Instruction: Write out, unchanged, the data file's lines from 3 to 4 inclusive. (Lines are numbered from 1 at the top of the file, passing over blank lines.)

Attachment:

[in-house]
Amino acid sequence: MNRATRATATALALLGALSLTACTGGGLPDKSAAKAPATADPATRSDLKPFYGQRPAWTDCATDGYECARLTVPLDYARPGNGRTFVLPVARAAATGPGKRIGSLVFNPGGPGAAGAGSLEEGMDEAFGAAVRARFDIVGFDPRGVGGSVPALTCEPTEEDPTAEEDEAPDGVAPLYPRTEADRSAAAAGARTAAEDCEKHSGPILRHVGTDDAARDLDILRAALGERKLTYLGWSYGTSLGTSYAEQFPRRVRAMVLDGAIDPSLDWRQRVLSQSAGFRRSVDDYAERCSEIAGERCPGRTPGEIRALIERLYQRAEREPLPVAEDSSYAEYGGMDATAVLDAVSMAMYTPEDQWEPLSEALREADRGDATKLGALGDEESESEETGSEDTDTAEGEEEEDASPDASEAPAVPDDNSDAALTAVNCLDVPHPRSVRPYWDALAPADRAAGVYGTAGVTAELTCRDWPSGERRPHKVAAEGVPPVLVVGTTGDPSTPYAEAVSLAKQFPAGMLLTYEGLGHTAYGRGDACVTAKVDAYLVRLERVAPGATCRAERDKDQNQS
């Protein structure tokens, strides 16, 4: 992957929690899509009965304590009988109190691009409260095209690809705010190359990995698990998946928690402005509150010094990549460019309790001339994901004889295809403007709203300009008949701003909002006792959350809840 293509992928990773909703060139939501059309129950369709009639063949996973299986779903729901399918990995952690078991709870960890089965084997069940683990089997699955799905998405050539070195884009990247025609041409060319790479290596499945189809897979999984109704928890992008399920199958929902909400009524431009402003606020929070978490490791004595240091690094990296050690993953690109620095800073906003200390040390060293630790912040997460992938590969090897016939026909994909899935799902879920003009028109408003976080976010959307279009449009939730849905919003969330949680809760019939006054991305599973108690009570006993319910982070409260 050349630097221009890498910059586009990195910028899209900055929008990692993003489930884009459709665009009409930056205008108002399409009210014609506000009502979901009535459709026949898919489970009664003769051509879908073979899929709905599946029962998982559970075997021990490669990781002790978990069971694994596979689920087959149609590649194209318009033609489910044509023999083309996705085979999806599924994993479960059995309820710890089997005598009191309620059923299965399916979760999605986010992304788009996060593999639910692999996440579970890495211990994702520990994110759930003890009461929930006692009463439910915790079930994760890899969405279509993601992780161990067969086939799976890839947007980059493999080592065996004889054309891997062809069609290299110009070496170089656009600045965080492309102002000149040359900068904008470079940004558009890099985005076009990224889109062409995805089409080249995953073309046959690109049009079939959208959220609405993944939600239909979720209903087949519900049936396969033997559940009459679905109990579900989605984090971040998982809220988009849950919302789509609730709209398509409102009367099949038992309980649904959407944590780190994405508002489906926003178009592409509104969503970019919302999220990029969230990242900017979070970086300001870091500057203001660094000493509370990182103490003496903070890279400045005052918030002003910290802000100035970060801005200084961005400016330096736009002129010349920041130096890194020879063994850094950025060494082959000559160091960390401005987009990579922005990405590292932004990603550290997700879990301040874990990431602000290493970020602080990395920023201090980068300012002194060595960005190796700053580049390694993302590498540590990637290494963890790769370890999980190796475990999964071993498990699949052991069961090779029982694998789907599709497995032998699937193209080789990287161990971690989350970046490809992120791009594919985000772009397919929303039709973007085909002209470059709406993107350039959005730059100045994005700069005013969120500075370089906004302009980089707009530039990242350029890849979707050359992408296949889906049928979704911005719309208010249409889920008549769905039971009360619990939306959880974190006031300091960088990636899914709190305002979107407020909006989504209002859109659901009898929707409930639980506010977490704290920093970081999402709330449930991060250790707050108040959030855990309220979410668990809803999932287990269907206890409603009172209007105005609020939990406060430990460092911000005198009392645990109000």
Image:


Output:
């Protein structure tokens, strides 16, 4: 992957929690899509009965304590009988109190691009409260095209690809705010190359990995698990998946928690402005509150010094990549460019309790001339994901004889295809403007709203300009008949701003909002006792959350809840 293509992928990773909703060139939501059309129950369709009639063949996973299986779903729901399918990995952690078991709870960890089965084997069940683990089997699955799905998405050539070195884009990247025609041409060319790479290596499945189809897979999984109704928890992008399920199958929902909400009524431009402003606020929070978490490791004595240091690094990296050690993953690109620095800073906003200390040390060293630790912040997460992938590969090897016939026909994909899935799902879920003009028109408003976080976010959307279009449009939730849905919003969330949680809760019939006054991305599973108690009570006993319910982070409260 050349630097221009890498910059586009990195910028899209900055929008990692993003489930884009459709665009009409930056205008108002399409009210014609506000009502979901009535459709026949898919489970009664003769051509879908073979899929709905599946029962998982559970075997021990490669990781002790978990069971694994596979689920087959149609590649194209318009033609489910044509023999083309996705085979999806599924994993479960059995309820710890089997005598009191309620059923299965399916979760999605986010992304788009996060593999639910692999996440579970890495211990994702520990994110759930003890009461929930006692009463439910915790079930994760890899969405279509993601992780161990067969086939799976890839947007980059493999080592065996004889054309891997062809069609290299110009070496170089656009600045965080492309102002000149040359900068904008470079940004558009890099985005076009990224889109062409995805089409080249995953073309046959690109049009079939959208959220609405993944939600239909979720209903087949519900049936396969033997559940009459679905109990579900989605984090971040998982809220988009849950919302789509609730709209398509409102009367099949038992309980649904959407944590780190994405508002489906926003178009592409509104969503970019919302999220990029969230990242900017979070970086300001870091500057203001660094000493509370990182103490003496903070890279400045005052918030002003910290802000100035970060801005200084961005400016330096736009002129010349920041130096890194020879063994850094950025060494082959000559160091960390401005987009990579922005990405590292932004990603550290997700879990301040874990990431602000290493970020602080990395920023201090980068300012002194060595960005190796700053580049390694993302590498540590990637290494963890790769370890999980190796475990999964071993498990699949052991069961090779029982694998789907599709497995032998699937193209080789990287161990971690989350970046490809992120791009594919985000772009397919929303039709973007085909002209470059709406993107350039959005730059100045994005700069005013969120500075370089906004302009980089707009530039990242350029890849979707050359992408296949889906049928979704911005719309208010249409889920008549769905039971009360619990939306959880974190006031300091960088990636899914709190305002979107407020909006989504209002859109659901009898929707409930639980506010977490704290920093970081999402709330449930991060250790707050108040959030855990309220979410668990809803999932287990269907206890409603009172209007105005609020939990406060430990460092911000005198009392645990109000």
Image: